What to do When Members of an LLC Cannot Agree
When members of a Limited Liability Company (LLC) first set out on a business venture, they are likely all equally invested and committed to the project. However, if the company runs into issues or does not make a profit as quickly as both parties initially were hoping for, one or more members may lose interest in the project. Additionally, if the company reaches high levels of success in a short period of time, a member may claim that they gave more to the company at its earliest stages and thus, deserve a larger share of ownership.
If either of these situations occurs, the other members of the business may need to take action. If serious enough, members of a business can seek court intervention as LLCs are governed by state laws. However, below are four common ways that members of an LLC can deal with a problematic partner.
Ways to Deal with Problematic Partners
The first way to try and work out disagreements between members of an LLC is to talk to the disagreeing partners. Furthermore, if only one member is disagreeing, try having a group sit-down to show the singular disagreeing member why their way of thinking may not be in the best interest of the company. By taking this approach, the member may agree to change their view, resolve any misunderstandings pertaining to the topic, or if the conflict will be a long-term issue, the member may agree to sell their share of the company. Starting a conversation is the easiest and cheapest way to resolve issues that lead members of an LCC to disagree.
Review The Operating Agreement
The next step businesses should take if members of an LLC cannot agree is to review the company’s operating agreement. A good operating agreement clearly establishes what the business should do if two or more of the partners disagree. Additionally, an operating agreement should also state the general responsibilities each member of the LLC has regarding the business. Thus, if the disagreement stems from one party’s lacking effort, there is a clear understanding of how to get rid of this member.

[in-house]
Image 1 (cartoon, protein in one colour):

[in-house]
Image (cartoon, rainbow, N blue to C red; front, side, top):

Breaches of Fiduciary Duty
Another way to resolve LLC disagreements is to see if the partner’s actions break their fiduciary duty to the company. Members of an LLC owe each other a fiduciary duty. Furthermore, this duty requires that each of the partners put the needs of the LLC over their personal financial needs. Thus, if you believe that the disagreeing partner has broken their fiduciary duty, check the businesses operating agreement. This agreement will state what actions constitute a breach of fiduciary duty. If the issues that the partners disagree about concern one of the partners breaking their fiduciary duty, bring the dispute to the courts to see if the courts can expel the partner from the company.
Because you have to involve the courts in this issue, you must enlist experienced legal advice throughout this process.
Finally, if the issue that the partners are disagreeing about stems from the conduct of another member, check to see if the conduct in question is illegal or has an effect on the business that would make it impractical for them to continue as a member of the company. One important thing to note is that if the partner has already agreed to transfer ownership or if it is illegal to continue business with the entity as a member, the entity can be expelled by the unanimous consent of the other members. If the partner has engaged in an activity that harms the company, in wrongful or illegal conduct, or in an action that makes a future relationship with the business impractical, the business can sue to have the member expelled.
If you are an LLC member that has partners disagreeing about the future of business, you must consult an attorney. This is true no matter if you are looking to expel a member or need to defend yourself from claims. Additionally, an attorney is not only vital but necessary if you decide to sue the disagreeing member of the LLC. This is also true if you look to seek court intervention to force the partner out.
Contact Our DC Law Office for More Information
Finally, for more on what to do when members of an LLC cannot agree, contact us at 202-803-5676. You can also directly schedule a consultation with one of our skilled attorneys. Additionally, for general information regarding business law, check out our blog.